A century later, this too was struck by fire when a workman left a blowtorch on by mistake, and the house was destroyed. Instead of moving again, the Harrowbys chose, “in good Victorian style”, says Caroline, “to pull the whole house down and build something bigger and better”. The result is modern-day Sandon, a neo-Jacobean house, now run as a wedding and exclusive-use venue by the family.

With Sandon the main home, Burnt Norton lingered in the background. During the Second World War, it was used by Tudor Hall School, and post-war Conroy Harrowby’s grandparents Dudley Ryder, 6th Earl of Harrowby and Lady Helena Coventry, moved into Burnt Norton.

Norton House was renamed Burnt Norton after a fire broke out at the property in 1741

Norton House was renamed Burnt Norton after a fire broke out at the property in 1741
After Dudley’s parents died within three days of each other in 1956, he and Helena upped sticks to Sandon, which sorely needed bringing up to date, and Burnt Norton was let to a boys’ school.

When the school left, 13 years later, Burnt Norton fell into disrepair; as the years went by, no one showed any interest in doing anything with the deteriorating house. “Every year that passed it had become a larger project and everyone was beginning to get a bit frightened,” says Caroline.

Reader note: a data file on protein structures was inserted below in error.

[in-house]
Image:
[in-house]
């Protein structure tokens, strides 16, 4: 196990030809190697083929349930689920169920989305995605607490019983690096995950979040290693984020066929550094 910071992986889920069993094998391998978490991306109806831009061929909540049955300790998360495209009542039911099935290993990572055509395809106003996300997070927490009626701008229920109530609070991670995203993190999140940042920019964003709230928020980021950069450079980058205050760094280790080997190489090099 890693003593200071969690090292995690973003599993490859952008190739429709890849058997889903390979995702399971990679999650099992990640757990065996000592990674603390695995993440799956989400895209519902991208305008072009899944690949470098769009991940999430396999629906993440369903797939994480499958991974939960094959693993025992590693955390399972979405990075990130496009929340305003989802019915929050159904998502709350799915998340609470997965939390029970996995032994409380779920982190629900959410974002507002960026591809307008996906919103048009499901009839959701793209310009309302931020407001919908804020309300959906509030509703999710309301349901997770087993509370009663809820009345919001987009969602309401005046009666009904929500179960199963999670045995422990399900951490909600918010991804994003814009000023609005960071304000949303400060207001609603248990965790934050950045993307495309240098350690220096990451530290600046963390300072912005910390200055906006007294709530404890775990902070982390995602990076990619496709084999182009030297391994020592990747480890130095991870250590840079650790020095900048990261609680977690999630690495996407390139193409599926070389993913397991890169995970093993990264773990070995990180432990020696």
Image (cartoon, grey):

The current Harrowbys moved to Burnt Norton in 1998 as a blended family. Conroy Harrowby’s first wife Sarah had died four years earlier, leaving him with four young children, and just a glimmer of an idea that he might one day restore Burnt Norton.

When he met Caroline, divorced from her first husband with three young children and working as an interior decorator, they saw that Burnt Norton could be a happy family home for all of them. “I always used to say that Conroy married me for my curtains,” she laughs.

Caroline says the grounds surrounding Burnt Norton are ‘magical’

The house was a “complete wreck”, she remembers. “It was watertight, but half the ceilings had fallen down.” Now, it is a comfortable private family home, not open to the public. Its lovely kitchen in the former dining room has giant sash windows opening on to the lawn.